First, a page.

I have so many excuses for not posting over the last few weeks – consulting deadlines and a new baby to name, too. But ultimately, I think the earthquake and tsunami that hit Japan gave me great long pauses to just sit and ponder. News of the unfolding disaster moved me, but not to write. Just to think. And more often than not, I sat transfixed by the resolve of the people of Japan.
Photo credit: Glenn Sundeen
The unfolding situation in Japan offered myriad stories and opportunities, but I felt I could offer so little in the face of what was happening that I left this for those either more qualified or more connected. And at times, when I watched the news too long, I just had to turn away. As someone not trained in journalism and unhardened by a career in the field, it was often too shocking to really consider what was actually happening on the ground.
Not to mention that the news and occasional analysis along with the usual overwhelming volume of pure speculation left me feeling like enough was enough. However, Junko Yoshida’s A-Team came through this week with a truly insightful while at the same time thoughtful and sensitive special issue on Japan
. With that on readers' screens, I feel it's safe now to move forward.
There are cold, hard business reasons for the technology industry to pay close attention to Japan in the months and years to come. But there is more to it. I think even for those of us in the industry who don't have some sort of personal connection to the country, Japan holds a special place of honor to all techies in our gadget-crazy world.
So the natural disasters created an unnatural confluence of mainstream media interest and technophiles hoping to understand the impact on the global electronics supply chain. Thinking about that may seem insignificant in the face of the impact of the disaster on real people, but at least it seems more critical than discussing other news of the last month like the launch of the iPad 2. As someone who spends time considering the industry’s move to the fabless model, I found Brian Fuller’s audio conversation with Malcolm Penn of Future Horizons (link embedded in Dylan McGrath’s great piece on fab impact on page 46 of the EE Times Special Digital Edition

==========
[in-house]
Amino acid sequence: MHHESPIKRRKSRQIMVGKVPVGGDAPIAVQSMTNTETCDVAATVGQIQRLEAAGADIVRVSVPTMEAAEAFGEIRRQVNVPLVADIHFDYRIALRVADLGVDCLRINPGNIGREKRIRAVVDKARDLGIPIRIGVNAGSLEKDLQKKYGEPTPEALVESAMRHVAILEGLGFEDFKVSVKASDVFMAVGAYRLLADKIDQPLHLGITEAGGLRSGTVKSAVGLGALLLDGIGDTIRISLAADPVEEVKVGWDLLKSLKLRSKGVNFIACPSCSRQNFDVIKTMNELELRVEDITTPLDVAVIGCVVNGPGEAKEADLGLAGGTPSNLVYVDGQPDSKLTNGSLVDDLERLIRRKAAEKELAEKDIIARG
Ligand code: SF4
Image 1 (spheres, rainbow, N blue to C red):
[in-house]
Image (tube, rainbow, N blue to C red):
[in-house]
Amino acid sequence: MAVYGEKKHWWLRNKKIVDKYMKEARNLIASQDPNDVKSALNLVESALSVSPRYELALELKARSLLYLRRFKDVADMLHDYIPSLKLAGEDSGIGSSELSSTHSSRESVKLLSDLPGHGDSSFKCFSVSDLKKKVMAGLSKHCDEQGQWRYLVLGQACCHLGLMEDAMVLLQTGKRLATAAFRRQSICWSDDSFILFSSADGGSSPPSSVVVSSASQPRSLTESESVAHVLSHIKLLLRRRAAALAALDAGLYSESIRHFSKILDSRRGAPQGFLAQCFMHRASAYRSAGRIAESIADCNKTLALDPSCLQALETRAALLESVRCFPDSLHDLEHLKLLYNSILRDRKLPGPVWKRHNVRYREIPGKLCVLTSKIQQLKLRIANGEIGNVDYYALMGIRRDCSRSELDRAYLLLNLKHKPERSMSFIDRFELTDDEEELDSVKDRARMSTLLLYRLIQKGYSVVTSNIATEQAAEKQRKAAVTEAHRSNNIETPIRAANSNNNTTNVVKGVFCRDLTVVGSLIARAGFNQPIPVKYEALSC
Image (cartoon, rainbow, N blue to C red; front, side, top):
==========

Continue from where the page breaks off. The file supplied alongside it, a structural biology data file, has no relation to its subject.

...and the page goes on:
) was time well spent.
Supply chain issues are bound to bring focus back to a new Apple product rumored to be facing supply problems due to voracious consumer demand even before the earthquake and rolling blackouts created interruptions to Japanese electronics and semiconductor production. A few commentators expect interruption at several Japanese factories to create supply problems
for Apple at this critical stage of their newest product.
In a story related to iPads but not so much Japan, Applied Materials commented on demand for 200mm wafer production tools at its analyst day on March 23. As reported at ElectroIQ
, tablet computers are one source of demand for 200mm production capability. In fact, the AMAT team speculated that 75% of the iPad chips are built on 200mm wafers. And they also noted that a full 200mm wafer is about how much silicon is required in the control electronics for each electric vehicle to hit the road. No wonder our industry is so excited about alternative energy and the like. Add up battery management, windmill controls, inverter electronics, and even the solar panels themselves, and we could be looking at a real "more than Moore" boom.
And Japan may itself become more focused on alternative energy as it has faced down the possibility of a nuclear crisis. Despite predictions from atomic energy opponents of reactor core meltdowns and impending human catastrophe, the final outcome of damage to the Fukushima Daiichi power station and the race to repair it will not be known for some time. But as that story unfolds, who would have ever questioned that Japan would produce a group of bona fide heroes – real life engineers and technicians – who would keep their posts and face imminent danger to protect their neighbors and countrymen?